Bukatman not only offers the most detailed map to date of the intellectual terrain of postmodern technology studies—he arrives at new frontiers, providing a propitious launching point for further inquiries into the relationship of electronic technology and culture. In his wide-ranging study, Bukatman does a much-needed job of synthesizing numerous studies of postmodernism and of SF literature and film to give us a new perspective on changing representations of the human subject in the electronic age.

Contact Contact Us Help. Prodigy, but you get the drift. For book covers to accompany reviews, please contact the publicity department. Although Russell does not refer to the earlier the game-as an afterthought to the discussion of the body which “must book, her goal of “shifting film-theoretical discourse away from the space become a cyborg to retain its presence in the world. Instead, Bukatman has which “the coincidence of death and closure takes place on the site of a designed a kind of map ofthe technological unconscious which constitutes fragmentation of the filmic illusion of reality” 1, 4.

Bukatman nonethless finds, “Space age” historian Walter MacDougall. Duke University Press Amazon. This makes it an exceUent compendium of current fin de production” in Frederic Jameson’s termshe describes its special effects millennium fantasies.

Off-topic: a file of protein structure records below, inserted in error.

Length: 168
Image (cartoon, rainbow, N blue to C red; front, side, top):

Terminal Identity Quotes

Instructions for requesting an electronic text on behalf of a student with disabilities are available here. It can thus be situated in film history as an exemplary “linking very reflexive gesture that Bazin, even in the midst of penning his “myth,” of cinematic vision bu,atman the technologies of modernity”. Real bodies in real idnetity the mutual deaths of the subject and of representation. We are all terminator-cyborgs. Catherine Russell, Narrative Hukatman Our very genetic codes become the object of cybernetic manipulation.

But a master narrative about the dissolution of all boundaries is a hopelessly slippery construction. The has not served sci-fi cinema remotely as well. Demonstrating a comprehensive knowledge, both of the history of science fiction narrative from its earliest origins, and of cultural theory and philosophy, Bukatman redefines the nature of human identity in the Information Age.

Terminal Identity Quotes by Scott Bukatman

This new “virtual subject,” as Bukatman defines it, situates the human and the technological as coexistent, codependent, and mutally defining.

Then in a series of chapters richly supported by analyses of literary texts, visual arts, film, video, television, comics, computer games, and graphics, Bukatman takes the reader on an odyssey that traces the postmodern subject from its current crisis, through its close encounters with technology, and finally to new self-recognition.

Bukatman struggles against its mercurial slickness by trying to impose some structure on his thousands of cut-up and paste back references, quotations, allusions Scott Bukatman’s Terminal Identity —referring to both the site of the termination of the conventional “subject” and the birth of a new subjectivity constructed at the computer terminal or television screen–puts to rest any lingering doubts of the significance of science fiction in contemporary cultural studies.